Catch up on Scandal S6 Ep. 16 Transfer of Power

by

L.T. Milroy

 

We’re finally at the end of Season 6. After seeing Frankie Vargas die a thousand deaths, and bad guys who can’t quite keep track of all their phony names, and getting whiplash trying to figure out if Ma and Pa Pope are supposed to be good or bad this week, and hoping Kerry Washington can soon resume her regular schedule, so we can move on from episodes chock full of flashbacks that have been pieced together like Frankenstein’s monster, it’s all ending.

Yes, it’s been a crazy season. And it comes to kind of a crazy end. It does leave things in pretty good shape for S7, though, which is not a bad way to end the season.

WH hijinx. Fitz strides purposefully through the White House hallways to his bedroom. Waiting for him there is Liv, in his bed. But he doesn’t have time for that kind of activity right now. He testily asks her how she could have released Ma. They bicker about it a bit, but then Liv shuts it down. This is their last night together. Tomorrow is the inauguration. Then she’ll be Mellie’s chief of staff and he’ll be on his way to Vermont. They shouldn’t be wasting their last night together fighting. She tells him to get his butt into bed. He tells her she’s very bossy. She tells him he loves it. He gets into bed. Liv is right, as usual.

Who thought she’d get away? Ma is sitting at a diner counter. A man sits on the stool next to her, and she gets out an envelope and pushes it over to him. Then she gets up and goes to the ladies room. He puts the envelope in his pocket, and as he walks toward the door, the feds descend. They find the envelope is stuffed with money and arrest him, as the guy denies he knows anything about it. When the feds check the ladies room, Ma is, of course, gone. She dug out her tracking chip and left it on the sink. Why did someone as savvy as Jake think Ma would be tripped up by the presence of a mere chip? With all she’s been through in her life, she probably eats those things for breakfast at this point. So Ma is in the wind, again.

Discussing security. At the White House, Liv, Fitz and Jake, along with Mellie and Luna, the president and VP-elect, discuss the inauguration. Fitz is still nervous and wants the whole ceremony moved indoors. Mel is adamant that the day proceed the same way it has for all the previous presidents. Jake says there will be a ton of security and nothing will be left to chance. Then Luna says, regardless of that, she doesn’t want to bring her children to the swearing-in; it’s too dangerous. Fitz again pressures Mel to call it off. She thinks it over and relents to no children on the dais. Mel won’t bring her own kids up there, either. But otherwise, the swearing-in will go on as planned.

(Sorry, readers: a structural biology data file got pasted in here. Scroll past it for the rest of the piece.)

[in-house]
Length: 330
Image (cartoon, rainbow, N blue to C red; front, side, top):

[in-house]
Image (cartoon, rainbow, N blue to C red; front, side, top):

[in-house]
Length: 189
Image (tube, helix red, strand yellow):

David comes into the room to give Fitz an executive order to sign. David asks what it’s about, but Fitz just signs it, thanks him, and doesn’t answer.

Inauguration day. The big moment has finally arrived. Amid the usual pomp and circumstance, and it being outdoors, like usual, Fitz, the outgoing president, is first introduced, followed by Luna, then Mel. Where’s Susan, the current VP? It’s a little odd that she’s been MIA for the entire season, but her not being present in this instance is really glaring. However, it’s not explained. Liv stands nearby, looking a bit tense. Jake scans the crowd and checks with the snipers placed around the perimeter; they report nothing suspicious.

The all-clear signal appears to be what Ma is waiting for, as she’s made her way to a rooftop where a sniper is stationed. Yes, even though the entire intelligence community is looking for her, Ma was able to slip her chip and make her way to the site of the inauguration, which Jake swore was locked down tight as a drum. Looks like the entire resources of the U.S. government are no match for Ma on a mission. She overpowers the sniper and gets behind his rifle, which is trained on the dais.